“Which one do you do? With the sling, or without? Are you on your back, or lying on your belly? Do you inflate it first or after?”

Initially, it sounds like this might be interesting kinky talk. But no, it’s sea kayak rescues again.

Sea Kayakers Lust After Safety

Rescues are the hottest topic of sea kayaking conversation by a nautical mile. The number of different techniques is astounding.

Despite all the safety talk, sea kayakers often have surprisingly modest skills, eschewing an emphasis on judgment, conditioning and strong technique in favor of amassing safety gear and studying a near endless litany of rescue maneuvers.

Safety, Apparently, Has Nothing To Do With Good Judgment Or Paddling Skills

It’s all about rescues and rescue gear. From the sounds of it, the best way for me to be safe is to cover every inch of my kayak deck with a sea of international orange rescue equipment. Is it me, or does this seem like slamming the aquarium door after the sea horse has already escaped?

I’d rather invest my time practicing the avoidance of calamities rather than perfecting 20 different rescues to deal with disaster after it has occurred. After all, an ounce of prevention is worth 40 pounds of paddle floats.

Flares, floats, slings, signals, radar reflectors, radios, compasses and GPS units don’t, themselves, actually keep us safe.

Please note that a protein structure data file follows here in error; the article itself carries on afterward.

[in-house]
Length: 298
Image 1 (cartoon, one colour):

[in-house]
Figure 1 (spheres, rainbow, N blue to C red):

Rescue Gear Doesn’t Save People—People Armed With Knowledge And Forethought Save People—Often Themselves. Deep down, sea kayakers know this. After all, we are typically intelligent, older, post-secondary-educated professionals, not 20-year-old, wet-behind-the-ears whitewater punks—who, despite their cockiness, can actually brace and roll in rough conditions.

No, sea kayakers are mature. They live well and reside in desirable neighbourhoods. They drive Volvos and drink mocha-frappuccinos produced by environmentally conscious coffee roasting companies. Sea kayakers have dinner reservations at Le Jardin and opera tickets. Their lives are good. They should be highly motivated not to die.

But Most Sea Kayakers Don’t Find The Time In Their Cosmopolitan Lives To Learn To Paddle Well. Instead, they try to buy safety. And they are abetted in believing they can do this. There’s a veritable raft of rescue gear out there promising to keep them safe, even if they know nothing about kayaks or the movements of the ocean.

So where did this blind faith in equipment and the false sense of security it instills come from?

Perhaps it’s just part of a wider trend in a society bent on effortless accomplishment: find the most corrosive bathtub cleaner on the market so you won’t have to scrub, start a diet starving your body of fuel so you won’t have to be active to burn it off, buy a Volvo (there’s that word again) and be safer on the road without having to slow down or change your driving habits.

Then again, it might have something to do with the fact the vast majority of paddling instruction is offered by kayak retail businesses. This presents a conflict. It’s great a store can offer instruction but don’t expect there won’t be a mandate to sell gear via the instructional programs.

After All, It’s A Lot Easier To Sell A Bit Of Kit Rather Than The Concept Of Conservative Good Judgment. You can’t buy good judgment, you can’t really teach it, and you definitely can’t bottle it for sale. If you could, I’d buy a two-four of it every weekend.

Alex Matthews is the co-producer of the instructional video,The Ultimate Guide to Sea Kayaking.

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